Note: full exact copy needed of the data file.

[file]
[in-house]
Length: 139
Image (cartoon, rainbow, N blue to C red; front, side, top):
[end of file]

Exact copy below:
[in-house]
Length: 139
Image (cartoon, rainbow, N blue to C red; front, side, top):